Anasthasia Shilov, staff illustrator
More than two years after the Trump administration instituted a restrictive visa policy against Chinese graduate students and researchers, Yale graduate students continue to face problems obtaining or renewing their student visas to come to the campus.
Proclamation 10043, the presidential proclamation declared on May 29, 2020, prohibits the entry or issuance of visas to Chinese students enrolled in graduate programs in the United States with ties to Chinese “military-civilian” universities. Several graduate students enrolled at Yale have encountered problems renewing their student visas, ranging from lengthy processing times at U.S. embassies to rejection of their applications. Some Chinese students said they chose to stay in the United States for the duration of their program for fear of being barred from re-entering the country if they returned home. These visa issues can lead to personal turmoil and harm transnational scientific collaboration.
“I miss my family very much and […] I will also miss my best friend’s wedding in China,” said Jianjian Guo ’25, a fourth-year doctoral student in the cell biology department. “But you have to put up with it, there’s no getting around it – I just can’t take the risk.”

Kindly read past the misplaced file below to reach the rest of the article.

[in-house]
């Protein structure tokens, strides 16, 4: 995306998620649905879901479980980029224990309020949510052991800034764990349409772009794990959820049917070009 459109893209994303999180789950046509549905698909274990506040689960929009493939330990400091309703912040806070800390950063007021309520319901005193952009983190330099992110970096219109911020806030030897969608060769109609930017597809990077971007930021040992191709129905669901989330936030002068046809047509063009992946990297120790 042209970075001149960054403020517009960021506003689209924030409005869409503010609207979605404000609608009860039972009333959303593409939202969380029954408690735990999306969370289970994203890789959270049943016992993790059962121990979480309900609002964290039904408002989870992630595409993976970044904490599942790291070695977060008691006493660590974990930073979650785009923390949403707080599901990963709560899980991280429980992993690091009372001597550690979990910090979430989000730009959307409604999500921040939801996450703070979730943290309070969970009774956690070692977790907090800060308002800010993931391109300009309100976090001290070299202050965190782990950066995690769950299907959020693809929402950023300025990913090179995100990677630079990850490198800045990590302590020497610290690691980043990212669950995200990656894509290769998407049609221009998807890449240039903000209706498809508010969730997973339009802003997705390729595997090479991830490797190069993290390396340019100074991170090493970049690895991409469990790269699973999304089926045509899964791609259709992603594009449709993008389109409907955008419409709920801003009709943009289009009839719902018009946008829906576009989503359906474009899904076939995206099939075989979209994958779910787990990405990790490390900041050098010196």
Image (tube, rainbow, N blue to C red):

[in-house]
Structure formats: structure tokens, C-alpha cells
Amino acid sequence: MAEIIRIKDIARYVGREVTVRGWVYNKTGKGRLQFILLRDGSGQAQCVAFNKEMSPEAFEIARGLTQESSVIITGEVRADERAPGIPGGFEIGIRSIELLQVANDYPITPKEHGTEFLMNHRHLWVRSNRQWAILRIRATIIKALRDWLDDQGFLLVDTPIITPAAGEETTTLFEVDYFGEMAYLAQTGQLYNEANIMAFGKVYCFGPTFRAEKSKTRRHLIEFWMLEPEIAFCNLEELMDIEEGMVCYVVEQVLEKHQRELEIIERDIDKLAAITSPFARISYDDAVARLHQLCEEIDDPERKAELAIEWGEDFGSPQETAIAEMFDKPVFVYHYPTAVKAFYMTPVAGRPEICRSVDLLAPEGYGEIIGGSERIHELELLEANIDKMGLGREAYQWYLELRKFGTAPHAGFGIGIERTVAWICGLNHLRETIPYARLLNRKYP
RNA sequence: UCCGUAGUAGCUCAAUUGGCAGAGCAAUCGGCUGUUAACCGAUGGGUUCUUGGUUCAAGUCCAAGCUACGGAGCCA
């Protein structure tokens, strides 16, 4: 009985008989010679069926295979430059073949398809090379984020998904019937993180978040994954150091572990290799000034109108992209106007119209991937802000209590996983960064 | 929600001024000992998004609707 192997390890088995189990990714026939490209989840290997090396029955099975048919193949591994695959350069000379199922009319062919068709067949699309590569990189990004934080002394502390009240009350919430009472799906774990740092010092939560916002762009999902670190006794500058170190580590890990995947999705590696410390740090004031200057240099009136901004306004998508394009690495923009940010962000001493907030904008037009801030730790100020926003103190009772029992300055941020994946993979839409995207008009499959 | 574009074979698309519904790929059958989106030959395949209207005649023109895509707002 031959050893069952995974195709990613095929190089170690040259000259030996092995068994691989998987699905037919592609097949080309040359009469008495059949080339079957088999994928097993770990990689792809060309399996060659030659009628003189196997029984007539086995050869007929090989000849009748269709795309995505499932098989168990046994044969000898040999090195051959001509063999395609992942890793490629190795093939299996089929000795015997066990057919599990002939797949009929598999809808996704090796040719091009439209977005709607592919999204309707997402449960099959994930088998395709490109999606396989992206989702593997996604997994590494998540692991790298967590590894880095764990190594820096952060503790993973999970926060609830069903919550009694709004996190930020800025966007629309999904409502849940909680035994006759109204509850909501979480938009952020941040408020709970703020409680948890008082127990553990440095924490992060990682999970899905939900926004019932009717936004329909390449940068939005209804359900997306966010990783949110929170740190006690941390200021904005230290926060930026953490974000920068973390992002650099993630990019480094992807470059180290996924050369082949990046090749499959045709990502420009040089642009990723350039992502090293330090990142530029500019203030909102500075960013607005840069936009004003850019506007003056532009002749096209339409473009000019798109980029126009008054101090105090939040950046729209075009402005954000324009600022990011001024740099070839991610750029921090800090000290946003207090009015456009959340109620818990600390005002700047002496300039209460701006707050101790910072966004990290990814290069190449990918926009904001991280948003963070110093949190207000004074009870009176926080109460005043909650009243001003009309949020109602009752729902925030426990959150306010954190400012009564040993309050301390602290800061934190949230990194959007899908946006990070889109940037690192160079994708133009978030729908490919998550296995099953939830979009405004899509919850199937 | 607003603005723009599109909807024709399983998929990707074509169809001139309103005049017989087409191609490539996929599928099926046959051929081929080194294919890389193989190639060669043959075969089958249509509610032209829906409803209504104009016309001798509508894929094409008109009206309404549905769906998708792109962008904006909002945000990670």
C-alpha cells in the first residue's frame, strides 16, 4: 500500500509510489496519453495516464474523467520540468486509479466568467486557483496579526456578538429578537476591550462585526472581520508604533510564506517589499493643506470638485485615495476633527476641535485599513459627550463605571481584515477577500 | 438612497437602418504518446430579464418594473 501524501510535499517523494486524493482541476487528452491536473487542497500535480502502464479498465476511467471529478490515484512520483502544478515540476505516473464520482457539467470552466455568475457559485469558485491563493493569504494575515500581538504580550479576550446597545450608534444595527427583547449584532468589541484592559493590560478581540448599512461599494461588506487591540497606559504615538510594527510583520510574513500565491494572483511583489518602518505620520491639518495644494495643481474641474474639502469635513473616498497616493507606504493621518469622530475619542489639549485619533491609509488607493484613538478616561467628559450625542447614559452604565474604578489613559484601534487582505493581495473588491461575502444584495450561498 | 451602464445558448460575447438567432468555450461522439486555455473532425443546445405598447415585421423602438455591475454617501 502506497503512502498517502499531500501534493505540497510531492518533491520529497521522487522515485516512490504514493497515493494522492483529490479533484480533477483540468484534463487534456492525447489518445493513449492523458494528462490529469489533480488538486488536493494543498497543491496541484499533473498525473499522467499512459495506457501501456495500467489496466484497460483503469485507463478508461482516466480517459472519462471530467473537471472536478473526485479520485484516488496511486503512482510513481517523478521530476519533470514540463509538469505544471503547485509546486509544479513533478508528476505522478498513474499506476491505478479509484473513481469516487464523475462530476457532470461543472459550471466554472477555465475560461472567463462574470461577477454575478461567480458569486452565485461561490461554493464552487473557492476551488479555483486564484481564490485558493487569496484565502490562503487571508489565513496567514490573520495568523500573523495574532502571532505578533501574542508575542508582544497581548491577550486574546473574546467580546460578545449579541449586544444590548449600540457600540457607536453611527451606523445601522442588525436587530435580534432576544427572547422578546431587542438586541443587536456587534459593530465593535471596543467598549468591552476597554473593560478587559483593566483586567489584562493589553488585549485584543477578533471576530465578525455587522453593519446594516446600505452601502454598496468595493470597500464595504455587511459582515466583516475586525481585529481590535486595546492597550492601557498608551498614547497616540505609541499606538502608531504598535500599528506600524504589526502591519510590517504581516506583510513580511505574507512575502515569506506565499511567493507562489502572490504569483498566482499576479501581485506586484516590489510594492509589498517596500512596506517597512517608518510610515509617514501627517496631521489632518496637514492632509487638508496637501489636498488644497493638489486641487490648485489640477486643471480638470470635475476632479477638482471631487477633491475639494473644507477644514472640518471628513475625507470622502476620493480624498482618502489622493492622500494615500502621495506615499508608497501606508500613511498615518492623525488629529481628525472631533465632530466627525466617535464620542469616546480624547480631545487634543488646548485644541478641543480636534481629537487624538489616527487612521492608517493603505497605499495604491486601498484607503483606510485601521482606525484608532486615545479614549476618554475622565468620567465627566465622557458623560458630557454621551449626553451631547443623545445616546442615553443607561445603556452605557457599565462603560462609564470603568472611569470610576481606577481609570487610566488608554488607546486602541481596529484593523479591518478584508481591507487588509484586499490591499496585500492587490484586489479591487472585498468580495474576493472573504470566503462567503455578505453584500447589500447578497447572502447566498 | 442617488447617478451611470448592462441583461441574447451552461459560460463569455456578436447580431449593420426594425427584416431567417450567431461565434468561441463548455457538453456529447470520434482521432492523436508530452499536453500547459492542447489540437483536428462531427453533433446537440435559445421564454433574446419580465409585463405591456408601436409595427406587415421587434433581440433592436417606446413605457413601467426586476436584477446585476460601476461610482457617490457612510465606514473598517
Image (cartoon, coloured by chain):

Yu Zhang ’25, a PhD student in the Department of Computer Science, is entering his fourth year of his PhD program while living in China. He said he had to conduct his research remotely since the summer of 2021.
Zhang is one of the students whose visa application was rejected because he attended a university involved in China’s “military-civilian fusion strategy”, although Zhang said his undergraduate degree in IT had no connection or involvement with the Chinese military.
“When I decided to go back to China, I was sure it would be lifted, but over time, I’m not so sure anymore,” Zhang said.
Zhang said he still considered himself “lucky” because he had already met his requirements for classes and teaching assistant duties in his freshman year. He also said Yale’s pandemic policies last year made it easier for him to work remotely, including meeting with his advisor and collaborating with other students.
This also means that in the past academic year, Zhang was able to continue receiving a stipend. Starting this semester, however, he is no longer allowed to enroll as a full-time student due to his visa status, so he cannot receive a stipend.
“I think I’m neither pessimistic nor optimistic about it, I feel good because my advisor is very supportive and he tries to make exceptions for me,” Zhang said. “If I keep working on my thesis, I can still receive the doctorate upon completion, so that’s something I’m grateful for.”